Providing abundant glutamine through diet and supplementation means that less muscle tissue (if any) will be broken down to provide glucose.  This is of great importance to people on calorie-restricted diets whose problem is losing muscle mass more so than fatty tissue.  Since it is the metabolically active muscle mass that helps keep us slender (not to mention strong and fit), extra glutamine may help dieters lose girth around the waist while preserving muscle mass.

Considering the support of glutamine in combating hypoglycemia, it is no wonder that alternative medicine recommends it for the purpose of eliminating sugar cravings and alcohol cravings (many alcoholics appear to suffer from hypoglycemia).

Diabetics, however, need to exercise caution since they have an abnormal glutamine metabolism.  A much higher percentage of their glutamine is broken down for the production of glucose by the liver and the kidneys - a process called glutamine gluconeogenesis.  This increased production of glucose from glutamine (and also from alanine, an amino acid in the same family) is probably related to the diabetes-related excess levels of the serum glucose-raising pancreatic hormone called glucagon.  This excessive breakdown of glutamine into glucose in diabetes occurs without any supplementation since muscle and fatty tissues release so much glutamine in response to the endocrine pathology.

Diabetics also show other enzymatic abnormalities in relation to glutamine including poor function of the retinal glia (glia are cells that have various supportive functions in the nervous system including detoxifying ammonia through the production of glutamine).  Thus, the diabetic retina is prone to damage through glutamate excitotoxicity since the glia are not converting enough glutamate to glutamine.  The use of high doses of antioxidants, including vitamin E and various polyphenols should be beneficial as well as supplementation with taurine.  Taurine is the one amino acid that seems to be very helpful to diabetics and is virtually side effect free also.

Effects on Canc -- Including Breast and Mesothelioma
We have already said that glutamine is heavily used by all rapidly dividing cells.  This includes many types of tumors.  Thus, it would seem plausible to argue that this is certainly the amino acid that canc patients should avoid.

In reality, however, glutamine is frequently used as an adjuvant treatment of advanced mesothelioma canc.  In a study published in US National Library of Medicine National Institutes of Health, survival rates increased.  It has been shown to prolong survival by slowing down catabolic wasting.  In addition, since low immune function is a hallmark of canc, glutamine is considered beneficial for the depleted immune system.  It helps preserve intestinal function as well.  Both clinical practice and animal studies suggest that glutamine can be given to canc patients without stimulating tumor growth or metastasis.  Nevertheless, the use of any amino acids in canc remains controversial, and patients are urged to consult with their physicians first.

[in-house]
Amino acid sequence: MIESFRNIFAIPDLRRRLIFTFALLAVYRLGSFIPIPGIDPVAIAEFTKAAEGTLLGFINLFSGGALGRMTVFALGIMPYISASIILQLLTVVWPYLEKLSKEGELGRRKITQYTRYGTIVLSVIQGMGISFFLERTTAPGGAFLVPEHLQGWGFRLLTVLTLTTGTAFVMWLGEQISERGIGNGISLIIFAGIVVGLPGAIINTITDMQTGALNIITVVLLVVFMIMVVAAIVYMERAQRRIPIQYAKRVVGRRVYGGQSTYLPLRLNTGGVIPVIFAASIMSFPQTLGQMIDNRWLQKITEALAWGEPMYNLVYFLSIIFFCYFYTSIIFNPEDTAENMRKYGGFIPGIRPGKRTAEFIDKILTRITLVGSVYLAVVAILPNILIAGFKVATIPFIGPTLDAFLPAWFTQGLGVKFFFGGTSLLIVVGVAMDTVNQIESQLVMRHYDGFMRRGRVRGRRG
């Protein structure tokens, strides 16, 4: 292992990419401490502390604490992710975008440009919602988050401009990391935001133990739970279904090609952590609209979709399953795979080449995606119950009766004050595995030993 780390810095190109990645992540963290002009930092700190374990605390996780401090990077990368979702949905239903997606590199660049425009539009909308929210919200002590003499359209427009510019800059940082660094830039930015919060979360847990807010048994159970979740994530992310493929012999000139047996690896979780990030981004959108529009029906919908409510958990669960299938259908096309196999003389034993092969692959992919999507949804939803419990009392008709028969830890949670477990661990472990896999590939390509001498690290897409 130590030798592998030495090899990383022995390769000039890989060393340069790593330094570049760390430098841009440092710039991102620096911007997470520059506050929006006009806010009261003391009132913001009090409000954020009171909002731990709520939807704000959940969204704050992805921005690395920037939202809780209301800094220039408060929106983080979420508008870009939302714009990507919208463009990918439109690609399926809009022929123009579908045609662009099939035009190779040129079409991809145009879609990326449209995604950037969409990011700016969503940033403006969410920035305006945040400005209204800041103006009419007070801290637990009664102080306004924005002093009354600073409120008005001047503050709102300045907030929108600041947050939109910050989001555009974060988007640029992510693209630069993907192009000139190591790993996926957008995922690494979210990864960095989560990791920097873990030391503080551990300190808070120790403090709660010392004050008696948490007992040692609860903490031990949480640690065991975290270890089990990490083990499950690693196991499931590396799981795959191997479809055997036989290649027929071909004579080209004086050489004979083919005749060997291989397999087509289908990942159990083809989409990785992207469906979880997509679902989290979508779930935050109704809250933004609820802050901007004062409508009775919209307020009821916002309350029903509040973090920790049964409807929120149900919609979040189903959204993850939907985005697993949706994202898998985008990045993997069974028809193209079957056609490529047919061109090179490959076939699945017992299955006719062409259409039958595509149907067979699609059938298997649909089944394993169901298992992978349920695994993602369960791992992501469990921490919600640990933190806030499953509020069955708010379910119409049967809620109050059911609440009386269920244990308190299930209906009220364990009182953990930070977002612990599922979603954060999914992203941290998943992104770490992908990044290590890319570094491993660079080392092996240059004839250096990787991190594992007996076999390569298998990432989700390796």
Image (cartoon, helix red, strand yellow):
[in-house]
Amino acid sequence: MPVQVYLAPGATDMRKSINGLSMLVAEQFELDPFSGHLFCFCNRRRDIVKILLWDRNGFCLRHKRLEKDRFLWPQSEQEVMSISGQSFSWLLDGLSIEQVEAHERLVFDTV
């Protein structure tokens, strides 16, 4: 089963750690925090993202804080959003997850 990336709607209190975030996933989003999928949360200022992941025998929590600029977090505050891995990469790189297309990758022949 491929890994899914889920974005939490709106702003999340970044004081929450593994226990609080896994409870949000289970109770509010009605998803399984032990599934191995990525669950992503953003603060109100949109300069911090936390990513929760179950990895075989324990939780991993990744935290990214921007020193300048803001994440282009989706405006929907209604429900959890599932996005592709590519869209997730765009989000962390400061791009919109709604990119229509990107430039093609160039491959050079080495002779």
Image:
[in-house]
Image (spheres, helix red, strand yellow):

The most fascinating findings regarding glutamine and canc, however, suggest that glutamine may be another weapon against breast canc.  In one animal study, rats implanted with breast canc were given glutamine at the dose of 1g/kg/day.  Their tumor growth was 40% less than in the control group.  The natural killer cells in glutamine-supplemented rats showed 2.5 times greater activity.  In addition, there was a 25% rise in glutathione levels and a decrease in inflammatory prostaglandins.  Inflammatory prostaglandins (PGE2) have been found to fuel tumor growth.  Glutamine can also be used as adjuvant therapy with chemotherapy such as methotrexate.  Glutamine lowers the toxicity of methotrexate augmenting its effectiveness against inflammatory breast canc.  In the words of the authors, "No toxicity of oral glutamine was detected.  No patient showed any sign of chemotherapy-related toxicity."  This is an extraordinary statement since the biggest problem with chemotherapy is its toxicity.  The glutamine dose used in conjunction with methotrexate was .5g/kg/day.

One interesting clinical application of high doses of glutamine (30 gm/day) is as adjuvant therapy for sickle cell anemia.  In alternative medicine, glutamine is also used as part of the treatment for AIDS.

Another note worth mentioning, nigella sativa (black cumin seed oil) has been shown to help extensively with mesothelioma canc.  250+ studies strongly suggest that this herb can be supportive for the treatment of mesothelioma canc.

Dose - Pg 1 | Pg 2 | Pg 3 | Pg 5 | Conclusion/References

Pricing Information:  L-Glutamine


SmartBodyz Nutrition Home Page
1000 West 10th, Suite 218
Fort Worth, Texas 76102
Email: DG[at]SmartBodyz.com - replace [at] with @
(helps prevent spam)
Copyright 1996-2019, SmartBodyz Nutrition -- all rights reserved.

MX GuardDog Spam Blocker

The information and statements made throughout this web site have not been endorsed/evaluated by the Food and Drug Administration or any other governmental authority, unless otherwise specifically noted.  We do not offer products or services for the benefits or purpose of diagnosis, prescription for, treatment of, or claims to prevent, mitigate or cure any viral or disease condition or be free from side effects.  Please, seek the advice of a competent medical professional about anything you read on our site.

BlogBlogLinks | Testimonials | Privacy | RSS Feed